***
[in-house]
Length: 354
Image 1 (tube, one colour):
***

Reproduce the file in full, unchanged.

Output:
[in-house]
Length: 354
Image 1 (tube, one colour):